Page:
It is crucial to understand that on the biblical and, more generally, the classical understanding of becoming a virtuous person , the formation of a good character essentially requires repeated employment of bodily practices relevant to the development of character.
The Practice of Witnessing
In addition to classic examples of disciplines such as those listed above, any repeated practice that is fruitful for growth in Christlikeness is legitimately called a spiritual discipline and, thus, the list of such disciplines is endless. The repeated practice of evangelistic witnessing is a good example of a “non-classic” discipline.
I have trained thousands of people to share their faith. Several years ago I debated one of the world’s leading intellectual atheists in front of a packed auditorium at a university campus. The courage to do this came not only from depending on Christ in that moment, but also from the spiritual discipline of witnessing. Years earlier I was scared to death to share my faith with anyone. What was I to do to become a calm, courageous witness for Christ? Of course, I read books on evangelism and tried to stay motivated through good music, worship and fellowship with other nurturing Christians. But if the thesis of this chapter is correct, then that would never have been enough. Transformation as a confident, skillful evangelist could come only if I practiced the discipline of witnessing over and over again.
I began with learning the contents of an evangelistic booklet. I also memorized a brief personal testimony, as well as a way to introduce myself to others and a way to excuse myself from conversation if so needed. I practiced using the booklet and giving my testimony in front of the mirror repeatedly. Then I practiced my delivery over and over again with a Christian friend. Subsequently, I went witnessing about fifty times with someone more experienced and, gradually, I did more of the talking, until I was the one taking the experienced brother with me. Finally, I started taking novices myself and, eventually, repeated a similar process for giving an evangelistic talk to crowds. By the time I debated the atheist in that auditorium, I had shared my faith hundreds of times. In all, I have done around twenty debates on different subjects, and while my ministry is now taking a different direction, I learned to evangelize by the spiritual discipline of repeated witnessing and testifying to my experience with Christ.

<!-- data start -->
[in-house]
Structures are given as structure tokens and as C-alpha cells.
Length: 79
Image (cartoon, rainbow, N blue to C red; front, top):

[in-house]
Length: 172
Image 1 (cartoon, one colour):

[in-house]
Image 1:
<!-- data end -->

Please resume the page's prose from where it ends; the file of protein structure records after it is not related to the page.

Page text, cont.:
If you want to make it your aim to grow in the courage to stand up for your faith in threatening situations, including sharing the gospel with unbelievers, you need to learn why you believe what you believe (see I Peter 3:15). That’s why most of my previous articles have focused on apologetical topics. But this is not enough. You need to practice taking a stand and sharing your faith in increasingly more threatening situations. Just as one who is learning to play golf starts with simple swings and as he/she gets better, moves on to more difficult strokes (for example, getting out of a sand trap), so one should approach the development of the virtue of courage. Start with situations that are just a little threatening, for example, by identifying yourself as a Christian with someone who is not. And once you learn to be comfortable with that, move on to practicing slightly more difficult behaviors. Be kind to yourself—don’t force yourself to do something that is so far outside your safety zone that you will get discouraged and stop making progress. On the other hand, continue to stretch yourself. As you do, remember that you are approaching this area of life as a spiritual discipline. Practice over and over again the level of courageousness you are at until it becomes a habit. Then move on to the next level and repeat. And remember, Jesus is our coach and he said that he would never leave us or forsake us (Matthew 28: 18-20).